The Wind Again Blows


This is the sermon from Acts 10:38-42 that I preached the day after the passage of GA-1327, Becoming a People of Welcome and Grace to All on Wednesday, July 17, 2103 in Orlando, Florida.

The Wind Again Blows

(Acts 10:44-48)

Big week. A lot of important stuff has gone down this week. Trayvon Martin?  George Zimmerman?  Seriously?

Stand-your-ground?  As a point of personal privilege, since I have the mic, let me just say that I much prefer the stand-your-ground of John Lewis and his friends on the Edmund Pettis bridge over the kind that took a young African-American man from the arms of his family.

Because Christians believe in stand-your-ground too . . . we just happen to use different weapons.

Or what about yesterday?  Kind of a big deal, right?

I, for one, am grateful that we did it—glad for my brothers and sisters who finally find a little hope in a church that has often turned its back, ignoring the discrimination and bullying that has taken the dignity, a host of opportunities, and the lives of so many who happened to be born a particular way.

But the line of our brothers (because that’s mostly what they were yesterday) standing in opposition yesterday showed how strong is the fabric of our unity . . . but also how potentially fragile it can be. We still have work to do.

But that line of opposition highlights the potential risks of doing what you believe to be the right thing—perhaps especially when you do what you think God wants you to do.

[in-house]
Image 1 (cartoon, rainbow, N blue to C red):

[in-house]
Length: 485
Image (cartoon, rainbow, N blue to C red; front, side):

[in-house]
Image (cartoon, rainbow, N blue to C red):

It’s hard to do the right thing—hard to do what God wants you to do.

I think about ol’ Peter. There was a time when he couldn’t be trusted even to know what the right thing was. Remember?

“There’s one of his followers. Right there. Yeah, that guy. I saw him with that crook they’re getting ready to string up. What’s his name? Jesus. Right. I saw him with Jesus.”

“I don’t know what you’re talking about. Jesus. Never heard of him. I’m from Schenectady. Just in town for a shower curtain ring convention. You must be thinking of somebody else.”

But then came Pentecost. Remember that?  The Holy Spirit descended on the terrified followers of Jesus, and they broke loose from their fear and started living out loud.

Since then Peter’s been tromping all over Judea enthused, ready with a word at every turn. He’s been the center of attention. Big crowds. Lots of conversions. The offerings are beginning to look a bit more respectable. God is moving. Excitement fills everything they do. Peter figures he pretty much has this whole thing figured out.

And then one day, as we find in the beginning of chapter 10, Peter is praying on a roof in Joppa. He gets hungry, and the text says he fell into a trance. “He saw the heaven opened and something like a large sheet coming down, being lowered to the ground by its four corners. In it were all kinds of four-footed creatures and reptiles and birds of the air.”

And a voice says to him, “Get up, Peter; kill and eat.” And Peter, always the stubborn one, says, “No, I’m not gonna do it. I’ve never eaten anything profane or unclean—and I’m not starting now.”

The voice said, “What God has made clean, you must not call profane.” This happened three times.

Well, of course, we find out that what this vision is speaking about is about to unfold in the approach of some envoys from a Roman centurion named, Cornelius, who wants Peter to come talk to him about God. The problem, of course, is that, on the one hand, Peter is a Jew, and, on the other hand, Cornelius is a Gentile.

As you may know, Jews and Gentiles just didn’t mix. Gentiles weren’t allowed into their country clubs. They didn’t want those Gentiles dating their daughters. And, if you can believe this, they even had separate drinking fountains and everything. No, Peter was brought up in a good home, and he knew not to associate with those people.